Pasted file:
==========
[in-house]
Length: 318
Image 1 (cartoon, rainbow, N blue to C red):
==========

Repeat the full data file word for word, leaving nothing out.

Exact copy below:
[in-house]
Length: 318
Image 1 (cartoon, rainbow, N blue to C red):